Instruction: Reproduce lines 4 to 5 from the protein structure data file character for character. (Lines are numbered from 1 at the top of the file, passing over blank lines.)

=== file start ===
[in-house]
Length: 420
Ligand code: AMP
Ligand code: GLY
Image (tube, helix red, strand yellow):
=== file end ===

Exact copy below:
Ligand code: GLY
Image (tube, helix red, strand yellow):